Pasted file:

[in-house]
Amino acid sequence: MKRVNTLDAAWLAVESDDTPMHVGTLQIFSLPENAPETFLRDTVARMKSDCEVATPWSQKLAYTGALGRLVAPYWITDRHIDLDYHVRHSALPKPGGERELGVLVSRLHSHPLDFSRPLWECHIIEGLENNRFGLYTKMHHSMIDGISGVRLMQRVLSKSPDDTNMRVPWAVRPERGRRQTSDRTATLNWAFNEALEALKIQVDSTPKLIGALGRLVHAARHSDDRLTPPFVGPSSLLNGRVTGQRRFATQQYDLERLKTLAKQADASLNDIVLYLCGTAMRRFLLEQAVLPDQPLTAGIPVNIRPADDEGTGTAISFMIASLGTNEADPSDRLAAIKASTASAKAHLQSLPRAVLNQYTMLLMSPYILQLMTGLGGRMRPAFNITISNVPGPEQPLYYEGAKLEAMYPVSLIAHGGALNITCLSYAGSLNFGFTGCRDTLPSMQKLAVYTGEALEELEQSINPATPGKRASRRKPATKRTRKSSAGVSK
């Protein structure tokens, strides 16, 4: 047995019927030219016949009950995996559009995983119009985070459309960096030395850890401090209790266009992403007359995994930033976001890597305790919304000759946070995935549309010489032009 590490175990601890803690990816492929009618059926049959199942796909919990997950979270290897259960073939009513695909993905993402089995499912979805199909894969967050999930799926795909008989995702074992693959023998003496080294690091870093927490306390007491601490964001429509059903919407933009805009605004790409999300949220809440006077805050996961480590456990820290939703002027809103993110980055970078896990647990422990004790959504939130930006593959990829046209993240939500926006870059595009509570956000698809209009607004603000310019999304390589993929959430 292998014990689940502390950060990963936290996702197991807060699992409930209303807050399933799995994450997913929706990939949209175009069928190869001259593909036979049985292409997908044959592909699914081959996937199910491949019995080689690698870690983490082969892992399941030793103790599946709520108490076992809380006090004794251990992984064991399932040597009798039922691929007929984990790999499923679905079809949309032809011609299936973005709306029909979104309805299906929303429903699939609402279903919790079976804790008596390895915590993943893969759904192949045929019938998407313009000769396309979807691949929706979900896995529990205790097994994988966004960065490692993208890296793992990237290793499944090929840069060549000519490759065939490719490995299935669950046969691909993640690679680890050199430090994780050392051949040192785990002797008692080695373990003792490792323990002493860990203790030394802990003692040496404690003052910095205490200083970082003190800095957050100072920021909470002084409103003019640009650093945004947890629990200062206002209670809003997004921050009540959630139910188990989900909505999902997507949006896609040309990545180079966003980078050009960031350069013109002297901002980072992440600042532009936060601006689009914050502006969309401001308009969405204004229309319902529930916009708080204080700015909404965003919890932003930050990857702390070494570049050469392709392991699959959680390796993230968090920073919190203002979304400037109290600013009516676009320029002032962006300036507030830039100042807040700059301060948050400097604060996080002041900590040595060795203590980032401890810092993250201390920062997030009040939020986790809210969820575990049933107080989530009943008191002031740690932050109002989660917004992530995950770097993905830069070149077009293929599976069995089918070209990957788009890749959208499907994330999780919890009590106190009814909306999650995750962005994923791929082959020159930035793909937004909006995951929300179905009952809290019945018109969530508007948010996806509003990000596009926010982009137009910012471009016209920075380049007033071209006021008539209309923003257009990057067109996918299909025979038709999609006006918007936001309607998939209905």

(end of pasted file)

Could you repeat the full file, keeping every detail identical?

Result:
[in-house]
Amino acid sequence: MKRVNTLDAAWLAVESDDTPMHVGTLQIFSLPENAPETFLRDTVARMKSDCEVATPWSQKLAYTGALGRLVAPYWITDRHIDLDYHVRHSALPKPGGERELGVLVSRLHSHPLDFSRPLWECHIIEGLENNRFGLYTKMHHSMIDGISGVRLMQRVLSKSPDDTNMRVPWAVRPERGRRQTSDRTATLNWAFNEALEALKIQVDSTPKLIGALGRLVHAARHSDDRLTPPFVGPSSLLNGRVTGQRRFATQQYDLERLKTLAKQADASLNDIVLYLCGTAMRRFLLEQAVLPDQPLTAGIPVNIRPADDEGTGTAISFMIASLGTNEADPSDRLAAIKASTASAKAHLQSLPRAVLNQYTMLLMSPYILQLMTGLGGRMRPAFNITISNVPGPEQPLYYEGAKLEAMYPVSLIAHGGALNITCLSYAGSLNFGFTGCRDTLPSMQKLAVYTGEALEELEQSINPATPGKRASRRKPATKRTRKSSAGVSK
């Protein structure tokens, strides 16, 4: 047995019927030219016949009950995996559009995983119009985070459309960096030395850890401090209790266009992403007359995994930033976001890597305790919304000759946070995935549309010489032009 590490175990601890803690990816492929009618059926049959199942796909919990997950979270290897259960073939009513695909993905993402089995499912979805199909894969967050999930799926795909008989995702074992693959023998003496080294690091870093927490306390007491601490964001429509059903919407933009805009605004790409999300949220809440006077805050996961480590456990820290939703002027809103993110980055970078896990647990422990004790959504939130930006593959990829046209993240939500926006870059595009509570956000698809209009607004603000310019999304390589993929959430 292998014990689940502390950060990963936290996702197991807060699992409930209303807050399933799995994450997913929706990939949209175009069928190869001259593909036979049985292409997908044959592909699914081959996937199910491949019995080689690698870690983490082969892992399941030793103790599946709520108490076992809380006090004794251990992984064991399932040597009798039922691929007929984990790999499923679905079809949309032809011609299936973005709306029909979104309805299906929303429903699939609402279903919790079976804790008596390895915590993943893969759904192949045929019938998407313009000769396309979807691949929706979900896995529990205790097994994988966004960065490692993208890296793992990237290793499944090929840069060549000519490759065939490719490995299935669950046969691909993640690679680890050199430090994780050392051949040192785990002797008692080695373990003792490792323990002493860990203790030394802990003692040496404690003052910095205490200083970082003190800095957050100072920021909470002084409103003019640009650093945004947890629990200062206002209670809003997004921050009540959630139910188990989900909505999902997507949006896609040309990545180079966003980078050009960031350069013109002297901002980072992440600042532009936060601006689009914050502006969309401001308009969405204004229309319902529930916009708080204080700015909404965003919890932003930050990857702390070494570049050469392709392991699959959680390796993230968090920073919190203002979304400037109290600013009516676009320029002032962006300036507030830039100042807040700059301060948050400097604060996080002041900590040595060795203590980032401890810092993250201390920062997030009040939020986790809210969820575990049933107080989530009943008191002031740690932050109002989660917004992530995950770097993905830069070149077009293929599976069995089918070209990957788009890749959208499907994330999780919890009590106190009814909306999650995750962005994923791929082959020159930035793909937004909006995951929300179905009952809290019945018109969530508007948010996806509003990000596009926010982009137009910012471009016209920075380049007033071209006021008539209309923003257009990057067109996918299909025979038709999609006006918007936001309607998939209905």